Are all Contact plates the same when it comes to EM?

By Andy Whittard

Contact plates (or RODAC®) have been around since the 1950’s and are now a very commonly used device within pharmaceutical manufacturing for environmental monitoring of surfaces. The media within the plate typically contains a mix of neutralisers to neutralise the effect of any residual disinfectant that might be transferred to the agar surface. Contact plates are also widely used for air sampling applications within devices such as the SAS Super range of air samplers supplied by Cherwell Laboratories.

Within media formulations there are many variants, and it is important that users understand the needs of their application as well as the factors that can influence formulation choice. An important consideration is choice of neutraliser, a common combination being Lecithin and Tween. However, this mix only neutralises a limited range of disinfectants, notably Quaternary Ammonium Compounds (QAC’s), parahydroxybenzoates (parabens), bis-biguanides and iodine(*). An increasingly popular neutraliser combination is Lecithin, Tween, Sodium thiosulphate and L-Histidine. The various media manufacturers refer to this mix differently, in Cherwell’s case we name it Neutraliser 4. This combination has a broader range of efficacy against also mercurials, halogens and aldehydes (*).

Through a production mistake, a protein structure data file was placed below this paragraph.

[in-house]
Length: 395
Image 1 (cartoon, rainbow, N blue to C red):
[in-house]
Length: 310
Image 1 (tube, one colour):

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The key point here is users must understand what disinfectants they are using, which category they fall into, and therefore which neutralisers are needed. Without this fundamental knowledge EM data can be affected and lead to false negative results.

Whilst neutralisers are less of an issue with air sampling and monitoring, the actual size of the plate can be a significant factor. A key performance factor in any sieve sampler is its collection efficiency. This is determined by the design parameters and the air flow through the sampler. Air flow will affect impaction velocity of particles onto the agar surface and ultimately determine the collection efficiency. This is most easily seen by the impaction imprint, or ‘dimples’, on the agar surface of the plate (as shown by the image).

The gap between the sieve and the agar surface of the Contact plate can alter this performance. If agar has shrunk and/or partially desiccated, it is possible to have no dimples, suggesting impaction velocity has decreased and particles have not been captured. However, if the Contact plate is too tall it is possible to restrict air flow and again affect velocity and reduce dimpling on the agar. In extreme cases it is possible to even block the sieve. The best indicator is that from a 1000 litre sample there should be an even, well pronounced dimple pattern across the entire agar surface. This gives confidence of impaction and therefore particle collection. If the pattern is slight or uneven, or worst still not present, urgent further investigation is necessary because the quality of the EM results will be compromised.

Cherwell’s service team can offer advice on any mechanical issues with the sampler and our Product Specialists can help with selection of the correct media for your application.

(*) EP 2.6.12 Microbial examination of non-sterile products: Microbial enumeration tests - Table 2.6.12.-2. – Common neutralising agents for interfering substances.


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